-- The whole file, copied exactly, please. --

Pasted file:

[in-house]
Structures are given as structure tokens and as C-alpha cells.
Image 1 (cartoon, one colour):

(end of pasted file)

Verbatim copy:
[in-house]
Structures are given as structure tokens and as C-alpha cells.
Image 1 (cartoon, one colour):